Local football fans will be interested in page 68 of the report which mentions the purchase of the Racecourse ground. The report states: “The university continually expressed to us the key role that it plays in the region and Wrexham in particular. The university highlighted its decision to purchase the Racecourse Football Ground as a clear demonstration of this commitment. We were informed that the football ground not only offered a cost effective solution to the university’s need for increased space and facilities on campus, but that it was also ‘appropriate from a community perspective‘”. The acquisition of the football ground was also mentioned in a section referring to discussions with ‘stakeholders’, with  “a few questioned the purchase of the football ground as a priority”.

The Review Panel heard from two serving and three former Chairs of Governors of Glyndwr/NEWI as it was, with the report saying they believed the university had ‘lost focus, especially with regard to meeting the needs of the region, and as a result it has been operating in a “pseudo-entrepreneurial and opportunist manner” driven perhaps by challenging circumstances and the need to gain critical mass and student numbers. The acquisition of the London base and the purchase of  the Football Stadium were noted in this context‘.

A full merger between Glyndwr and Coleg Cambria has been dismissed despite it being a ‘very attractive proposition’. However the door has been left open as it is described as ‘not an immediate option’. The college itself has recently been involved in a ‘merger’, with Deeside and Yale College combining together to create ‘Coleg Cambria’.

The report provides information on the ‘federal’ model stating:”To use the term “federal” in the context of Welsh HE is to evoke comparisons with the University of Wales. In this instance, we would rather use the analogy of Welsh devolution.

“We envisage a hard wired federation based on the “reserved powers” version of devolution proposed by the Welsh Government to the second phase of the Silk Commission’s work.

“The organisations involved would remain independent institutions and yet the relationship would be “hard-wired” by virtue of the powers reserved to a strategic body drawn from those institutions: the separate institutions would retain all their powers except those specifically entrusted to the over-arching body.”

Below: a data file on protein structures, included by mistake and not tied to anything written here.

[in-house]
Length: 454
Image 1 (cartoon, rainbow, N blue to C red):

Such a model is preferred with Coleg Cambria rather than with Bangor University, with the report stating that they believe a ‘federal relationship between Glyndwr University and Coleg Cambria would help deliver on the aspiration/participation and skills objectives and the broadening of Glyndŵr’s contribution to the whole of the NE Wales region’.The report added that this will also remove any long-standing uncertainty regarding the future of the university.

A Glyndwr University spokesperson said yesterday afternoon: “We are pleased the review recognised that having a university in North East Wales has brought an enormous sense of pride to the region, and that we are responsive to the needs of employers and the economy, as well as our students. The report makes reference to some of the University’s recent academic achievements, including its excellent review by the Quality Assurance Agency.

“Like the Minister, Glyndŵr University has the higher education needs of the region at the forefront of everything it does. We will be examining the report in great detail and look forward to further engagements with the Minister, our FE partners and other stakeholders in the months ahead.”

If todays report is accepted it is recommended that such a model is created with 18 months, however in the interim it is suggested work should begin between Coleg Cambria and Glyndwr towards the reports objectives.

Details of the make up of the report panel is on page 126, or 129 of the PDF itself for those interested.

You can read the full report in this PDF on the Wales.gov.uk site. For those who like data the report also contains some interesting regional information and stats!